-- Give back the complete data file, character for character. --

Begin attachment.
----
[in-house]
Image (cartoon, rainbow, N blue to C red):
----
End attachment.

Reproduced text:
[in-house]
Image (cartoon, rainbow, N blue to C red):